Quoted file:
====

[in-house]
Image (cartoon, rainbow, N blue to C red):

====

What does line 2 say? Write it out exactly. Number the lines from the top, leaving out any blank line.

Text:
Image (cartoon, rainbow, N blue to C red):